As more Douglas County businesses became certified under the county’s new “COVID Best Practices Business Certification Program,” the community inched closer to moving to a less restricted level on the state’s COVID-19 dial.
In the final days of 2020, the county was in level red, the second most restricted point on the dial. However, with cases and hospitalizations appearing to improve, the county was expected to meet the qualifications for level orange on the dial by the first week of January, said Jennifer Ludwig, deputy director of Tri-County Health Department.
As of Dec. 30, the county had the appropriate level of hospitalizations and test positivity rates to fall under level orange, but cases per 100,000 were still too high at 398. In order to move to orange, the county would need to reach 350 cases per 100,000 people for a two-week period, according to the state’s guidelines for the dial.
According to the state’s guidelines, the county must meet all three metrics for at least two weeks before the county’s restrictions are loosened, Ludwig said. Under that rule, the soonest Douglas County could move into orange is mid to late January.
The county could move to that level of looser restrictions sooner, as Gov. Jared Polis asked the Colorado Department of Public Health and Environment on Dec. 30 to move all the state’s red counties to orange, citing improving COVID-19 data.
As of Dec. 30, Douglas County had 155 certified businesses able to operate at level orange restrictions due to the certification program and 140 other businesses in the process of being certified, according to a county spokesperson.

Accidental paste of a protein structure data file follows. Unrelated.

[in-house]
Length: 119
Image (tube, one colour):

Each time the county moves to a less restrictive level on the dial, certified businesses are also rewarded with loosened restrictions. If the entire county is moved into level orange, those certified businesses will be able to operate at level yellow restrictions. If the county moves to level yellow, certified businesses will be permitted to operate at level blue. With the county in blue, those businesses can add 50 extra people to their capacity cap.
Businesses are certified by following an advanced level of measures aimed at reducing the spread of COVID-19. The county has prioritized restaurants, gyms and indoor event spaces for certification, as these businesses were most acutely impacted by the level red restrictions.
“We won’t survive on 25% (capacity) forever, but this is better than no inside dining,” said Kaleb Hilton, director of operations for Grist Brewing Company.
Once the brewery’s Highlands Ranch location was certified Dec. 26, customers started showing up to sit inside that day, Hilton said.
“It’s been immediately helpful,” he said.
Grist Brewing, which also has locations in Lone Tree and Sterling Ranch, was able to bring back all of their furloughed staff, albeit with reduced hours.
“We’re just excited to get back to brewing some interesting flavors,” Hilton said.
Rock Bottom Brewing Company in Highlands Ranch was also feeling relieved after receiving their certification before the end of the year. One Wednesday evening soon after the restaurant and brewery was able to open for indoor dining, the location had already earned the same amount from a full week’s worth of to-go only serving, general manager Jimmy Gibson said.
“It’s a work in progress,” he said. “Tomorrow I’m sure something will change.”
Other items that may interest you
We have noticed you are using an ad blocking plugin in your browser.
The revenue we receive from our advertisers helps make this site possible. We request you whitelist our site.